Date: Mon, 17 Feb 2003 11:49:25 -0700 From: "Doug Marion" <mariondoug at hotmail.com> Subject: hydrometers I'm curious to hear the collectives experience with hydrometers and their accuracy (or lack there of). I've been using the same hydrometer that I first started brewing with about8 years ago. Yea, it's the cheap 5.95 one. Who hasn't started with one of those.I've never been able to get finish gravities as low as I thought I should be getting. (Yea I know, big yeast starters and oxygenate through a stone)So the other day I checked my hydrometer with tap and distilled water. (I suggest everyone do this if you haven't already) I was shocked! It read 1.003 to 1.004 in water! So now, with absolutely no confidence in any of my gravity readings over the last 8 years, I ordered a laboratory tested hydrometer from my supplier. You know, the $20.00 model, thinking this would be foolproof. Well, that hydrometer got here today. I checked it first thing in distilled and tap water. ( all tests were with water at 60 deg)This laboratory hydrometer that is supposedly checked at 1.000 and at least two other locations on the scale, read 1.003-1.004 also! I called the supplier and they said that is obviously wrong and they are sending me a new one that I asked them to check first. The second one got here and when I checked it, it read 1.002. Way off! Has anybody else experienced anything like this? Are all hydrometers that far off? I just wish I had check my hydrometer a long time ago. I must have lots of inaccurate data which doesn't please me at all. Cheers, Doug Meridian, Idaho - --- dsmarion at earthlink.net Return to table of contents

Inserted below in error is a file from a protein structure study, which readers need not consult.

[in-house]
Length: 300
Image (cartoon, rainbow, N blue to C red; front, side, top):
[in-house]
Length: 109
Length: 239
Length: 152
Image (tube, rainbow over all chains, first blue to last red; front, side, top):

Date: Mon, 17 Feb 2003 11:52:48 -0700 From: "Doug Marion" <mariondoug at hotmail.com> Subject: draft boxes I built my own draft boxes last year using two coolers and two coiled copper tubings inside. I used FDA rated beer line tubing that I bought from Beer3 to attach to the copper tubing going in and going out. I used 1/2" on everything. The other day I wanted to use one of the draft boxes. Cleaned it with PBW and Star San sanitizer after last use and again the other day before use. Rinsed everything out with hot water. When I hooked up and ran my beer through the system it tasted like the tubing! Yuck! The beer tasted fine before. So I unhooked it and re-hooked up the short party tap that I use all the time and tasted it. Tasted fine. I re-hooked it up to the draft box and, yuck, tasted like the beer line tubing again. Anyone have a guess? I thought beer line wasn't supposed to release any off flavors. Tasteless? Odorless? Yea, right. Am I doing something wrong? Cheers, Doug - --- dsmarion at earthlink.net Return to table of contents